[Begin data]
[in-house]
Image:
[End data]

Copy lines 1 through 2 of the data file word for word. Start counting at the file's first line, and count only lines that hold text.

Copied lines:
[in-house]
Image: